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Co-written by Katrina Reid

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In the 1980s there was the AIDS pandemic in Africa and the U.S. And before that, the people on the continent of Africa survived pandemics from Tuberculosis, Yellow Fever and Malaria.

Not to mention the spat of viral hemorrhagic fevers like: Lassa fever, Ebola virus disease, Rift Valley fever, Marburg virus disease and Crimean-Congo hemorrhagic fever — highly contagious and fatal diseases, which have the theoretical
potential to become pandemics.

And yet, Africans thrive.

The Tuskegee Experiments that contributed to the rampant spread of syphilis, while not qualifying as a pandemic, was spread by the U.S. government.

There’s the current pandemic of pregnancy-related fatalities for Black mothers. Then there’s the ongoing epidemic of lead poisoning in cities like Flint, Michigan, stemming from environmental racism. And not to mention the prevailing belief that our bodies experience less pain, and the subsequent malpractice that occurs due to that bias.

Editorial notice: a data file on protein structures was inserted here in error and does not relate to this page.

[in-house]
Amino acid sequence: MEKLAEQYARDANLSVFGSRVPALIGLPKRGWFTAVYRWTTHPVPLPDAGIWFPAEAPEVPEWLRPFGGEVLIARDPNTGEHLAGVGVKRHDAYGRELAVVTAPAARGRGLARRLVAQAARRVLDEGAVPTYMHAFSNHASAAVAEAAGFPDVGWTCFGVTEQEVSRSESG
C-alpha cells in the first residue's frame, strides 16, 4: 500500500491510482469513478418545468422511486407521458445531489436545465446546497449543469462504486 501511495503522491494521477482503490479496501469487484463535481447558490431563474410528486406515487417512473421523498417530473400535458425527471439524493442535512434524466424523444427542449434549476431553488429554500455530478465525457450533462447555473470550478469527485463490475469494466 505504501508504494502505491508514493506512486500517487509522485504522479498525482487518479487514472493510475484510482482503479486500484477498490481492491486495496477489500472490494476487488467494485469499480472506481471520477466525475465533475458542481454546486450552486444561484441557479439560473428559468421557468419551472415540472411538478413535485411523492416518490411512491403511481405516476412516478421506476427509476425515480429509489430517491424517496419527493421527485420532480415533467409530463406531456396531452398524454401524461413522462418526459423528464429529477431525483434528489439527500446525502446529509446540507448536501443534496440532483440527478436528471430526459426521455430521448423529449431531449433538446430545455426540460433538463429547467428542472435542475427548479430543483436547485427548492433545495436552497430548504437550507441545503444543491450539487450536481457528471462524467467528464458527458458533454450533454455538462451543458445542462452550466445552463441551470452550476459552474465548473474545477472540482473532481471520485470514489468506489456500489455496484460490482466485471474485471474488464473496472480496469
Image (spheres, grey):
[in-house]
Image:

And yet, Black folx in America survive.

As you continue researching, you’ll find examples of these kinds of experiences amongst Black people in the Caribbean, South America and around the world.

And yet, Black folx, the world over, continue to exist.

While other folx of various backgrounds have experienced traumas related to these and other systems, there is a unique way we as Black people experience existential threats like pandemics, including COVID-19. Navigating and adjusting to them, is embedded in our history and survival.

Afrofuturism is a way of imagining possible futures through a Black cultural lens. It offers a unique way of re-imagining a way forward.

How? Pick one of four ways: